thirteen fourteen kindleTomorrow Thirteen Fourteen Maids a-Courting sidles into the family—sidles, because it only officially joins the gang on May 1st. There was a time when I was truly organized, and had interview launches in blogs much more widely read than this one, and begged my beta readers to give me reviews (good or, gulp, bad). When I asked people buying at the introductory price to please spread the word. When I even sacrificed one of the earlier books as a freebie to whip up excitement in the series as a whole.

You can of course only do that so many times before you exhaust all your options and become too shy to ask again. I’m no longer remotely organized, and when Eleven Twelve scrambled aboard in breathless haste, making its vital Halloween date by the skin of its fangs, it did so with hardly any launch help at all. It had to make its own friends (and enemies, sadly, but it was controversial, and although I titled it appropriately, and put a warning in the Amazon blurb, and even in the book itself, I managed to shock and upset a couple of readers) with very little support from me. I am rubbish at marketing. My skills boil down to a blog or two, offering a lower price for a few days, and intermittent tweets.  Oh, and crossing my fingers.

That may be about to change at some time, as I’ve heard about a cooperative indies group which combines publishing forces. Some indies could sell bibles to atheists. Some can edit, some can illustrate, and some are a fund of good advice and experience. Gathering a good group, where the members take on each other’s books and burnish them to a brilliant shine, then work together to market them, is probably the only way to survive and grow in a flood of millions (literally millions) of books where the best are often unrecognized, the worst give us all a bad name, and some diamonds in the rough never get to shine as they could.

I’m not being coy about the name of the group, just cautious: I want to find out more before I start wholesale recommendations. I’ve heard they are extremely picky about the books they take on which sounds both promising and, of course, alarming. Perfect world, I’d want them to consider one of my books (which are brilliant) as a borderline decision, because their portfolio is that good.

Until then, I’m still paddling the indie canoe, telling you that you really, really want to buy Thirteen Fourteen and you can pre-order tonight at promotion price, buy it from tomorrow on promotion price, or wait until it goes to the usually tooth-thirteen fourteen kindlerattling full price on May 1st. It is sunny, and cheerful, and mostly far from Scotland, set as it is in Tenerife: back to cosy, while still being true to our rather alarming world: and fun. Trust me. Gamble your 99c. Pack your sun-cream. Go on holiday.

Just click on the cover.

Boo. Whatever.

I was up until 03h00 waiting for Amazon to load the new book so I could make some capital out of it being, you know, Halloween. Since I was publishing a book sub-titled, you know, the Halloween edition.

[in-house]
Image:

Well, the best laid plans of mice and men gang aft agley and it only published at 08h30 this morning. Pretty sure Halloween was over for 2014 everywhere in the world by then, so that’s a lesson learned and the first and last time I try to publish on a ‘celebrity’ date. Although Three Four was published on April Fools Day, now that I think back, but perhaps there isn’t such a rush to publish on 1st April.

Anyway, here it is. For the thousands upon thousands of you who like to grab my books in their first few days, when they’re on promotion price. Don’t come whining to me if there are eleven twelve (2)oddities and glitches, that’s why they are cheap for the first few days. It used to be because I hoped to get a few friendly reviews before the new book soared to its teeth-rattling full price but that hasn’t been happening much lately. I know, I know. Those of you that do reviews have done some already, and don’t see why I need one on every single book.

WOW, am I crotchety. Blame Amazon and the 03h00 bedtime. Blame the cat for waking me at 06h30 by bringing a live bird into the bedroom. Blame the bird for being so paranoid it was 07h30 before it finally decided the window was open to the full for its benefit and not because I wanted howling Scottish gales roaring through the house.

If wishes were horses that cat’s tail would have been stood upon pretty heavily by now.

Happy Halloween

For the last four months Eleven Twelve (the Halloween edition) has been dominating my life. The finished version is a long way from the first final draft which went to my long-suffering alpha readers who both said um, NO.


They both said (and they don’t usually agree on anything) was that their main concern is that the book steps right out of the established series, and they couldn’t see how I could get back to finishing the series in its usual comfortable format afterwards.

The only way round that was to publish it as a Halloween edition. That solved that problem, and cheered the alpha readers up, but created a fairly considerable new one—Halloween was only six weeks away, the book still had to be beta read, pulled into final shape, edited, tweaked a little more, it wasn’t possible. On the other hand, since I write novellas, and pop one out two to three times a year, waiting for Halloween 2015 wasn’t really an option either.

eleven twelve (2)